It is not often that a world champion fighting before his hometown crowd is installed as a 15-to-1 underdog. But that is where Paulie Malignaggi finds himself as he defends his WBA welterweight title against Adrien Broner this Saturday night on Showtime.
Perhaps the old Paulie Malignaggi would be insulted by that – would have railed against being denigrated by people that don’t know what ticks inside his chest. But the new Paulie Malignaggi – the one shaped and formed by criticism leveled at him following his loss to Amir Khan – is immune to the slights hurled his way by critics, pundits and oddsmakers.
“A few years ago it might have bothered me,” Malignaggi said. “I might have been wondering, ‘Why does everyone think I’m going to lose this fight? I don’t understand it. I think I’m a good fighter.’ Literally now I could care less. There’s a reason I went to the Ukraine and knocked out (Vyacheslav) Senchenko when nobody believed I could do it. I went all the way over there to his house and did it. I could care less what anyone else was thinking. That was the main reason I was able to do it so comfortably.”
The oddsmakers and pundits and Broner look at how shaky Malignaggi looked in his last fight – a lackluster 12-round split decision against Pablo Cesar Cano. They shake their heads dismissively at the seven KOs in 36 fights in his career. Lack of power, a once flashing boxer operating on 32-year-old legs – it doesn’t set up well for a Malignaggi victory.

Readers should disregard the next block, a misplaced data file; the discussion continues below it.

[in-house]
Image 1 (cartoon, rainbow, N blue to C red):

Malignaggi is undaunted by the talk that Broner, an undefeated (26-0, 22 KOs) lightweight champion who is moving up two weight classes to challenge for a welterweight title, will be able to impose his will on him and knock him out. Broner and his trainer, Mike Stafford, bragged that they would not only knock out Malignaggi within six rounds, but that they would punish him.
It’s hard to imagine that Malignaggi would be punished more than he was against Miguel Cotto in 2006. It was a brutal fight as Cotto and Malignaggi engaged in a pitched battle. In the end Cotto won a close decision and Malignaggi ended up with a fractured orbital bone.
Broner has never been in that position – hasn’t even been close. Blessed with magnificent physical skills and boxing acumen, Broner is usually the one dishing out the punishment. Malignaggi said Broner should be prepared to travel a two-way street at Brooklyn’s Barclays Center on Saturday night.
“They’re going to ring a bell on Saturday night and it’s going to be me and Adrien Broner. He’s saying he’s coming to kick my ass. I’m coming to kick his ass,” Malignaggi said. “I think he’s looking at it too much as one-way traffic. We’re coming to beat each other’s ass. It’s not just him coming to beat my ass. He’s forgetting one thing. I’m coming to beat his ass. That’s the plan on Saturday night.”
It’s an ambitious plan. One that Broner doesn’t believe Malignaggi has the arsenal or wherewithal to execute. He scoffed at Malignaggi’s punching power.
“He can be. I don’t know,” Broner said when asked if he thought Malignaggi could become a KO artist. “I don’t know what he is. Maybe he doesn’t turn over his punches correctly.”
Malignaggi is equally dismissive of Broner’s resume, which he sees as thin on quality opponents.
“He’s never had that character tested to where we’re getting deep in the fight and I’m uncomfortable,” Malignaggi said. “By the time he gets to the fifth or six round the fight is in the bag. That’s what happens when you fight laundry workers every fight. It’s easy. I could do the same thing.”
They have tried to match each other in trash talk leading up to the fight. Now it’s a matter of whether the two of them can best each other in the ring. Malignaggi believes he can turn the tables on Broner.
“Because he’s such a small guy we’re going to box and stand in front of him and show him how weak he really is,” Malignaggi said. “The power is overrated. I could have knocked out 20 garbage men, too, but I chose to fight real opponents in my career.”
Photos: Jeff Bottari-GBP/Getty; Al Bello-GBP/Getty; Alex Trautwig-Gettyimages